WELCOME - This blog was created to address and discuss the common questions and topics concerning the start-up and ongoing operations of A Brush with Kindness.

Wednesday, April 29, 2015

A Brush with Kindness Week

Announcing A Brush with Kindness Week!
September 19-26, 2015 
Habitat for Humanity

HFHI’s Home Preservation department has partnered with Valspar, Habitat’s national paint partner, to launch the first national “A Brush with Kindness Week” event. This “ABWK Week” – set for September 19 – 26, 2015 – will highlight the home preservation work U.S. affiliates do throughout the year.

Approximately 25 affiliates will be selected to each complete three to five ABWK projects during the event week
 and will receive a reimbursement grant of $1,000 per project up to $5,000.

Visit My.Habitat.org to learn more.

Tuesday, April 21, 2015

Calculating The Cost of an ABWK Project

Figuring out material and supply cost for a project is fairly simple and straight forward if you understand the work scope. Arriving at a cost for staff, transportation and warehouse expenses are a more complicated formula.

Habitat for HumanityAt Twin Cities Habitat for Humanity, we have decided to create a per day cost for our projects to simplify the process for how we pass on these costs to the homeowners we serve.

For projects that cost $3,500 or more, we put a forgiveable mortgage on the home so that we have a way to secure our investment into the home and community. The mortgage stays on the property between 7 - 10 years depending on the value of the project. We used to calculate costs based on the materials used and 50% of the retail value (which historically would come close to our organizational cost of a project.
Habitat for Humanity

However, as our projects have grown in depth and expense this model is less accurate. So we have decided to calculate our average project expenses based on days onsite including prep work.

You can see how we calculate exterior and interior projects here: ABWK Project Calculator

Wednesday, March 11, 2015

Stretching Broader to Stabilize ABWK Families

Over the years we have found that our ABWK families have other pressing needs beyond fixing their homes that contribute to unstable housing situations. If our purpose is to stabilize homeowners and help them remain in their homes, then we also need to be a part of the bigger picture to help families accomplish this end.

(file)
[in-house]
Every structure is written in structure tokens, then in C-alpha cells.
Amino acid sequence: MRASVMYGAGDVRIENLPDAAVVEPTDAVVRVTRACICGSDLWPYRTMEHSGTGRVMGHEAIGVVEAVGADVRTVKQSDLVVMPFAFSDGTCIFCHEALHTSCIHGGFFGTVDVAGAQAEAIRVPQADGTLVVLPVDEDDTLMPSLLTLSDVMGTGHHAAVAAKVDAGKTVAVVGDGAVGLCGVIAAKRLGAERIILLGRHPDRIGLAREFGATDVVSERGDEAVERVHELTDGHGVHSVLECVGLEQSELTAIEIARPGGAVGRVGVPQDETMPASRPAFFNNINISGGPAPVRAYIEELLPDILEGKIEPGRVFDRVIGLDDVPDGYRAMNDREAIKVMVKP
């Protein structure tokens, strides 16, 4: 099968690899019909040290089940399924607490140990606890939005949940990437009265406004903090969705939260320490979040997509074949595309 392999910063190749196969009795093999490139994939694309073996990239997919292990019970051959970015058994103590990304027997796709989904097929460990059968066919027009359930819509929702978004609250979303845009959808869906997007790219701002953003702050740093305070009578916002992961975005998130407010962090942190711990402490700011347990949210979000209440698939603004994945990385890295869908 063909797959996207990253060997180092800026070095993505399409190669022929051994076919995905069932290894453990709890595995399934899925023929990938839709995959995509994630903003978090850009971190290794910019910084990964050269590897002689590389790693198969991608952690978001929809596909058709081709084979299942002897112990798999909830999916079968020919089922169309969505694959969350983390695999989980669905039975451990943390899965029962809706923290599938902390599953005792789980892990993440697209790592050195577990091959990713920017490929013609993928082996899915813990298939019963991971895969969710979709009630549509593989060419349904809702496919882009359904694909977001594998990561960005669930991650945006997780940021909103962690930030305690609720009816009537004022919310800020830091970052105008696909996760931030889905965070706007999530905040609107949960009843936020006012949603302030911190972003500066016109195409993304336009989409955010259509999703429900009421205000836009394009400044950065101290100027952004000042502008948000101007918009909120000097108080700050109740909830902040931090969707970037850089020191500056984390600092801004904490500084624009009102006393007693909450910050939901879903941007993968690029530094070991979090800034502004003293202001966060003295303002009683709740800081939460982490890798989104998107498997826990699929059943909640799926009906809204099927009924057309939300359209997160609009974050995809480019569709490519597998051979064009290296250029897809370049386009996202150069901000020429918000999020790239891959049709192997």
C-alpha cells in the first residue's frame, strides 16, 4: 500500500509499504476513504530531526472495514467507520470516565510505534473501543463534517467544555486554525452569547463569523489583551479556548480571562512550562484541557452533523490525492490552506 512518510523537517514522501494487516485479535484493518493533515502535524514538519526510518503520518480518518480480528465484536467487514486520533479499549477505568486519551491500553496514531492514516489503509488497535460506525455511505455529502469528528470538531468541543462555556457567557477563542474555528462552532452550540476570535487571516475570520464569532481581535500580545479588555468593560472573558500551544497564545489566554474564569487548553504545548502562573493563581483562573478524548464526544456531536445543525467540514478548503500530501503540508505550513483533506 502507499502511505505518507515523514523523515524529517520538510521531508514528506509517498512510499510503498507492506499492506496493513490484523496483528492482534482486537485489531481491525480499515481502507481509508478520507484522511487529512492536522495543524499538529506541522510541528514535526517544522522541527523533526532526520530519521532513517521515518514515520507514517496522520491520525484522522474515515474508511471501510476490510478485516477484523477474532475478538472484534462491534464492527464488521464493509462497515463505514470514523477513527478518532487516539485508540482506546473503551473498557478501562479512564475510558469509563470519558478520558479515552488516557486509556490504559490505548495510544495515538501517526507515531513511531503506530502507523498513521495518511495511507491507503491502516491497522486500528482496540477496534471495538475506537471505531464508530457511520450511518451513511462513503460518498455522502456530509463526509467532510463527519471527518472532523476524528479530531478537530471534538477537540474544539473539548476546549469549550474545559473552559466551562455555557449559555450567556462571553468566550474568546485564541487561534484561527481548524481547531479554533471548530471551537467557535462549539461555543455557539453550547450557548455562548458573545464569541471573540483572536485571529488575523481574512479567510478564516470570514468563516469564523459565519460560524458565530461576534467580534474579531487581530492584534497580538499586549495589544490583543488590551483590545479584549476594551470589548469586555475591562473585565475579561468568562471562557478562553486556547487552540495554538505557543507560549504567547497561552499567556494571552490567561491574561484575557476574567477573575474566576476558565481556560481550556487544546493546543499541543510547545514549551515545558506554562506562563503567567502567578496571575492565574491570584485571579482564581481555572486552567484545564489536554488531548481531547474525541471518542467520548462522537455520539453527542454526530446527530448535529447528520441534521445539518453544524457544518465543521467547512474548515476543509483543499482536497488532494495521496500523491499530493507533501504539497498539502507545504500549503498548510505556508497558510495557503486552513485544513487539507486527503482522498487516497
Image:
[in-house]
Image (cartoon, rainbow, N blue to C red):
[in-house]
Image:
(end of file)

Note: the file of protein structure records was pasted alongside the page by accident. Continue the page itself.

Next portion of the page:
Let me be clear, I'm not suggesting we go outside our mission of creating and preserving affordable housing. However, I am proposing that our mission goes beyond the building and rebuilding we do onsite!

One of the things we have seen when we serve families with home restoration (ABWK) services is that most families could use other assistance in helping them remain living in their home. At Twin Cities Habitat, we are beginning to walk alongside families to help them get connected to essential supportive resources for the home.

This basically means we are available to help families navigate essential resources that can help homeowners remain in a stable home. The following is a link to resources in our area we feel confident can assist struggling homeowners: http://www.tchabitat.org/resources

Here is also a link to a printed copy of helpful resources: https://drive.google.com/file/d/0B26IjoD-X4sSVF9TUTE4U3lvaTA/view?usp=sharing

Saturday, February 21, 2015

ABWK - Going Beyond The Start-up Phase

A brush with kindness

The first few years of our ABWK program created a flurry of activity. Most of our family partners were seniors that owned their homes and were for the most part wonderful program partcipants. During those early years we received a lot of publicity and created many longlasting agency partners that we rely on to this day.